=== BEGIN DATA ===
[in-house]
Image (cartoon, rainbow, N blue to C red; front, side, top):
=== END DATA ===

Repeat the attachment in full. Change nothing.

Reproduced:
[in-house]
Image (cartoon, rainbow, N blue to C red; front, side, top):